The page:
The United Nations Commission on International Trade Law (UNCITRAL) has already developed a model law that would create an enabling regulatory framework recognizing e-signatures and e-documents – the Model Law on Electronic Transferable Records (MLETR).  The UNCITRAL MLETR has already been adopted by 2 countries – the Kingdom of Bahrain and Singapore. Its adoption by the broader global community is critical to the continual development of TradeTech solutions. 

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Contents

Access trade, receivables and supply chain finance

We assist companies to access trade and receivables finance through our relationships with 270+ banks, funds and alternative finance houses.
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Latest TradeTech News

02Feb

TFG partners with ICC Future Trade Forum: Business, policy, trade tech and supply chain digitisation taking centre stage

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Presented by the Digital Standards Initiative (DSI) of the International Chamber of Commerce (ICC), TFG are delighted to announce a… Read More →

31Jan

Ecosystems within the maritime industry: the changing styles of leadership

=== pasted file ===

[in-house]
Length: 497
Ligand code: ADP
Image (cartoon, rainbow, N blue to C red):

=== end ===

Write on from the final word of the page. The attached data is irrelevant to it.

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I remember reading a quote which has stuck in my mind ever since – “Sharing among an entire ecosystem of… Read More →

31Jan

To agriculture and beyond: a look at how IoT technology is transcending industry silos

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2022 was a year filled with ups and downs for trade technology companies, but there are many bright spots for… Read More →

30Jan

Blockchain trade finance: Contour and Tata Power forge new partnership

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Tata Power, an integrated power company in India, has partnered with Contour, a digital trade finance network based out of… Read More →

30Jan